(2) Dont' worry, "intent to X" is far more serious than the mere act with an effect of X and doesn't reach nearly as many people. Unauthorized access is not per se culpable, but intent to gain unauthorized access is. Being annoying is not culpable but intent to annoy is. This avoids a basic question -- why should a state of mind be criminally culpable just because one of the results intended by that state of mind is a minor problem that occur quite often many people's or business's lives, such as unauthorized access or annoyance? A law that proscribes a state of mind intending to commit the act implies that the result itself is so extreme that the criminal law should reach through the wires to reach it. But Internet users are annoyed hundreds of millions of times a day. There are millions of innoccous but unauthorized accesses per day. These are nowhere close to the extremity of result required to render intending that result to be a criminal state of mind. Furthermore, the law does not say "sole intent" to annoy. This means that one can intend multiple things by an Internet message, but as long as one of those intentions, however minor, was to annoy a potential reader of the message, then under the plain meaning of the statute you are guilty of a crime. Under the plain meaning of the new law, if you intend to mildly annoy and entertain andinform readers under a pseudonym, you a guilty of a crime. If you intend to entertain and inform all readers and intend to annoy just a few potential readers (as has often occurred with politically valuable speech, for example with much pseudonymous speech in and related to The Federalist Papers), you are guilty of a crime, under the properly interpreted statute.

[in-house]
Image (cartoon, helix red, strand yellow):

(3) Don't worry, the courts won't really take the language seriously. Daniel Solove, for example, argues "I'm certain that this [identity requirement] provision will be read narrowly to apply to individuals who intend to persistently or menacingly harass a person." How can he be so certain? Solove is putting a very large degree of trust in the courts to read a statute in a way that is very different from the plain meaning of the statute and in a way that violates a basic canon of legal interpretation, namely that when Congress adds a phrase to a list it must mean something that the other members of the list did not mean. Congress must have added "annoy" because they meant to cover more states of mind than just intentions to "abuse, threaten, or harass." Nor does Solove explain why a court would be compelled by law, rather than merely biased by an inclination to justice, to read the statute narrowly if the court feels strongly that it should not. For example, the court may find the political opinions expressed in the speech beyond their pale and apply normal plain-meaning and common canon interpretation instead of Solove's method of ignoring the text. Orin Kerr cites the First Amendment as a reason a court would read the statute narrowly, but doesn't explain why a court should not more properly apply the substantial overbreadth doctrine and throw out the entire clause, or at least the entire word "annoy," as facially unconstitutional. Kerr by making this argument implies that there are many kinds of mind police prosecutions against an "intent to annoy" that fall short of an "intent to...harass" that he expects courts to find constitutional. This implies the result Eugene Volokh pointed out using a different line of reasoning, that courts would be carving out a new exception to the First Amendment for online and phone speech. Finally, neither Kerr nor Solove address the severe damage done to our legal system in terms of notice and rule of law when courts must throw plain meaning and standard canons of interpretation out the window in order to do justice.